FIFA World Cup: The second chance

Sneijder, reformed and rejuvenated, has another tilt at glory, which bypassed him four years ago.

Wesley Sneijder almost didn’t make the team for the 2014 Cup (Source: AP) Wesley Sneijder almost didn’t make the team for the 2014 Cup (Source: AP)
Written by Aditya Iyer | Sao Paulo | Updated: July 9, 2014 9:29 am

Three unusual sounds rang across the Arena Fonte Nova in Salvador during the dregs of extra-time in the Holland-Costa Rica quarterfinal. First was the clatter of Wesley Sneijder’s shot against the crossbar.

The Holland number 10 hardly ever misses. But last Saturday, the upright had held him back on three separate occasions. Then came a loud sigh, pushed out from the depths of Sneijder’s lungs.

And finally, a collective gasp from the Dutch supporters seated behind that stubborn goalpost, as Sneijder buried his face in the embracing arms of current captain and once mortal enemy, Robin van Persie.

Four years in football is a long time. But in Sneijder’s case, it will seem more like an eternity.

Four years back in South Africa, there stood a greater chance of that inanimate goalpost expanding an inch or two to swallow yet another Sneijder goal than van Persie ever lending him his shoulder to cry on.

But back then, the ‘always-smiling-always-arrogant Smurf’ (that’s what van Persie called a short and smug Sneijder in public) hardly ever cried. And why would he?

Four years ago to the day, his five World Cup goals had put Holland in the final and him on the cusp of becoming the only player in history to win every single major in the same year (he had already led Inter Milan to the treble — Champions League, Serie A and Coppa Italia).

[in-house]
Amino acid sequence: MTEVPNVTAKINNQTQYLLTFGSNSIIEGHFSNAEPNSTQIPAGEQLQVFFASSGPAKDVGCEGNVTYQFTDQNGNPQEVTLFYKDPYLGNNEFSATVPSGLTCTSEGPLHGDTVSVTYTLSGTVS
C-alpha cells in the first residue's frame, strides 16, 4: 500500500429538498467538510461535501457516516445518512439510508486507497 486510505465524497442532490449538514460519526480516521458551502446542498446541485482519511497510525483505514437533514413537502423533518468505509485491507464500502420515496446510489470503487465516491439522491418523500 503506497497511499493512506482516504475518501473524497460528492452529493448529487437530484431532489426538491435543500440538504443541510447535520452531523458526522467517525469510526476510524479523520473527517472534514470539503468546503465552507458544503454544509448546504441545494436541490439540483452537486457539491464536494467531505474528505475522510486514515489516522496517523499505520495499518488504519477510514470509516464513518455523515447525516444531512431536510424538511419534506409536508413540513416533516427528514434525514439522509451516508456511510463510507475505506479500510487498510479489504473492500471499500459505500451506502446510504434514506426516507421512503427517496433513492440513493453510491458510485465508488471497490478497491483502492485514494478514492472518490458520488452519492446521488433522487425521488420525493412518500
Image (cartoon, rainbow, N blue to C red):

And to add to all that brilliance, Sneijder was dating actress Yolanthe Cabau van Kasbergen, then five-time winner of the title ‘sexiest Dutchwoman alive’

Yes, there was the small and public matter of settling a dispute with van Persie on just who should take Holland’s freekicks in the quadrennial.

But that was soon sorted without intervention after a Sneijder goal was witnessed in the group stages, then in the pre-quarterfinals, then the quarterfinals and again in the semi-finals.


Life was good and Sneijder, then having just turned 26, even better.A day before Holland were to meet Spain in the Johannesburg final, Sneijder is said to have summoned a few journalists to his room and shared a dream he had had.

“It was about the final. Who won? Who do you think? It was a remarkably good game. Afterwards I was satisfied. Again, I got man of the match.”

It didn’t stop there. Sneijder went on to fish out his phone and show the Dutch journos a text he received from Spain’s Sergio Ramos, his former team-mate at Real Madrid where the Dutch star was once worth Euro 27 million.

“See, it reads, ‘Will you take it easy, Wes? You’ve already got three prizes’. That says enough, doesn’t it?” But the reporters wanted more and asked him about the Golden Boot he was on the verge of winning.

“Who cares about the Golden Boot? I want the Golden Cup,” Sneijder is quoted as barking …continued »

First Published on: July 9, 2014 1:34 amSingle Page Format
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